45 Dreary Years
September 2, 2015 § 9 Comments
Both actors in Andrew Haigh’s 45 Years – Charlotte Rampling (69), the tigerish vamp of the 1970s, and Tom Courtenay (78), whose repertoire has always tended towards the more subdued kind of role – received awards at the Berlin Film Festival, and the film was judged Best British Film in Edinburgh. Unlike other recent British films about being old, where pensioners behave badly to sentimental comedic effect (The Best Exotic Marigold Hotel, Quartet etc), 45 Years is meant to be taken seriously.
Rampling and Courtney give creditable performances that hold together the story of Kate and Geoff, a couple whose 45-year marriage begins to crumble as details are revealed about the distant time before it began, when Geoff’s first love died in an accident in the Swiss Alps. The crisis unfolds largely from the perspective of Kate, immediately crushed at the breakfast table when Geoff opens a letter telling him that the young body of ‘my Katya’ has been found preserved in the ice. Kate’s attempts to comfort Geoff in his sadness are not sustained and though she pursues the practicalities of their imminent anniversary party her jealousy deepens into a sense that the whole marriage has been a sham.
All this is conveyed with a minimum of dialogue. Rampling’s mobile and expressive face does most of the talking, particularly when she is alone, searching in the attic for Geoff’s past or persisting in her suspicions about his travel plans. The mood is stubbornly melancholic, with long shots of the wintry Norfolk landscape where Kate takes the dog for walks. She is tight-lipped and unhappy, Geoff is depressed and unshaven.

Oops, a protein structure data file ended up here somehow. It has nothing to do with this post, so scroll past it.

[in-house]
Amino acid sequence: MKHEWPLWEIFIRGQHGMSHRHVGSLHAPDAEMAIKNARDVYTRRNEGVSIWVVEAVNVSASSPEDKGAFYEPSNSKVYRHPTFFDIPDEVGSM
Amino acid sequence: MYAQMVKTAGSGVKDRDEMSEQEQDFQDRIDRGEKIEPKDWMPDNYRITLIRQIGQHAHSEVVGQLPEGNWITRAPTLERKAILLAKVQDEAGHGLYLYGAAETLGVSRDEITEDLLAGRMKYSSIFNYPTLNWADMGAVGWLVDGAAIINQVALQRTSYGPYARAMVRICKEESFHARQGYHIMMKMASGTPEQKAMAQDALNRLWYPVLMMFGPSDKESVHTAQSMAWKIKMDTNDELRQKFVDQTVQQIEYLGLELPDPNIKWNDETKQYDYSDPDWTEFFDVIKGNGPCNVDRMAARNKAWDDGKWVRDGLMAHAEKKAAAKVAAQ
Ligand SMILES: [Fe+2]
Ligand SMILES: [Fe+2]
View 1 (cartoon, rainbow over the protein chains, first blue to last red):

The trouble is there’s nothing to persuade us that this marriage was anything other than dull. There’s no erotic spark between the two and nothing to suggest that they ever had any shared passion or profound intimacy, or even that they might once have had a good time together, either in or out of bed. The relationship we see has been sluggish and narrow; they neither embrace the world nor one another.
The result is an overblown film of great tedium. But 45 years isn’t just boring, a 90-minute view of a landscape that’s physically and emotionally empty, inhabited by characters with few inner resources and without close friends (you can’t count the Geraldine James character, who flits in and out like a clueless chum from a sitcom). Its thinness of social texture also implies that this aridity is what constitutes life in older age.
The opening sequences are characterised by long silences and awkward politesse in a manner that suggests we are somewhere in the filmic world of the 1950s, recalling that testament to the suppressed emotions of British middle-class life, Brief Encounter. Is this what accounts for the critical success of 45 Years? A nostalgia for that ill-fitting and outdated world, through a latter-day version with two classy actors? It’s as if Rampling and Courtney (who can easily signify the cinema of the 60s and early 70s) are being recast not as their own generation in the present, but as older versions of themselves in the past. Hence the emphatic mismatch between them and the party soundtrack that is meant to correspond to their youth.
It’s only at the film’s end, and the ghastly anniversary party, that script and direction achieve some conviction. By then 45 Years begins to sound like a custodial sentence.